Innocence Project client Ernest Sonnier is free today after more than two decades in Texas prisons for a rape he didn’t commit. DNA testing has proven Sonnier’s innocence of the 1985 attack and implicated two other men. Sonnier was freed on bond today by a Texas judge while he continues seeking to fully clear his name in the weeks ahead.
His mother, Altha Davis, told reporters that she always knew he was innocent because he was with her when the crime was allegedly committed – on Christmas Eve 1985. “It’s been long for me, so long,” she said. “I’m happy and so sad at the same time.” Watch a video interview with Sonnier’s mother here.
Sonnier will stay with Davis while he adjusts to his newfound freedom. He was joined in court today by family members, Innocence Project Staff Attorney Alba Morales, Social Worker Angela Amel and several people previously exonerated by DNA testing in Texas.
Sonnier’s case is the latest in a string of wrongful convictions caused in part by faulty forensic testing at the Houston Police Department Crime Lab. Although blood-type testing on important crime scene evidence conducted before trial didn’t match Sonnier’s type – and even suggested that he may be innocent – an analysts testified at his trial that he could still be the perpetrator, based on a conclusion not supported by the analyst’s own report.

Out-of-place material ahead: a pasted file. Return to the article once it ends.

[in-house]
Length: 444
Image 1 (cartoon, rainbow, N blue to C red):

Houston has been an epicenter of forensic problems – but faulty forensic testing is a national problem and must be addressed in order to prevent more wrongful convictions. Earlier this year, the National Academies of Sciences called for the creation of a National Institute of Forensic Science to provide research, support and oversight in forensic disciplines to prevent wrongful convictions and help law enforcement identify the perpetrators of crime.
Read more about troubles in the Houston crime lab, and sign a petition supporting the creation of a National Institute of Forensic Science.